Public safety instituted a new non-discriminatory arrest policy Tuesday, following pressure by the Just Unification of GirlS (JUGS). The group, which has been working for months for more equality on campus held their final protest last Wednesday, a brown bag lecture with pizza and refreshments.
When a group of female students walked around on the Quad topless next to a group of male students doing the exact same thing, public safety took action.
“Then I realized something,” said Ashley Hobart ‘18, a student who is actively involved in JUGS. “When the male students walked around the quad topless, they got high-fived by public safety. But when I walked around the quad topless, I got stopped by campus police, punched in the face, tasered to the ground and shot in the shoulder.”
“That just doesn’t seem fair,” she added.
According to director of public safety Joseph Schmoe, the feminist group’s protests were “very powerful” and inspired public safety to take steps to change the language and provisions of their policy. They have since arrested over 60 male students for walking around campus topless.
“Those ladies really wore us down, so we gave in,” Schmoe said.
To keep up with the rise in arrests, Officer 70 has taken extra shifts and is working with due diligence to ensure that all students are wearing shirts from here on out, Schmoe said.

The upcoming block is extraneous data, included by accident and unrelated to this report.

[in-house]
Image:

But it seems that for some officers, the extra arrests may be too much to handle.
“It was 80 degrees on Wednesday,” Officer Bill Peel said. “The Kan Jams were out, goddamnit. We didn’t stand a chance.”
According to Peel, the officers on duty arrested 35 people on Wednesday alone. Peel said he had only anticipated a few arrests when they were called in and the officers on duty ran out of tickets after citing fifteen Phi Psi’s.
Luckily, Officer 70 showed up on his bike with a bag full of tickets ready to be handed out, Peel said.
“Put your hands up,” Officer 70 yelled, followed by an army of flexing students.
“Holy shit, they’re armed,” Peel screamed.
According to Schmoe, the changes were proposed after a school-wide open meeting, for which two students were in attendance. It was hosted by the Presidential Task Force’s Task Force for Student Misconduct and Alumni Relations, and students were asked by student government to swipe their I.D.’s before entering to monitor attendance.
Ten emails in a row were sent out to the campus community about the meeting via Calendar of Events, but students complained they weren’t asked for input.
Of the two students in attendance, only one, Jessica Turner ‘17, addressed concerns about the new policy.
“If guys can’t take their shirts off on the quad, how will we know how hot they are?” Turner asked.